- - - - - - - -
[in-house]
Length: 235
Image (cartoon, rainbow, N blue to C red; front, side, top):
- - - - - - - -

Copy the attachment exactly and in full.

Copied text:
[in-house]
Length: 235
Image (cartoon, rainbow, N blue to C red; front, side, top):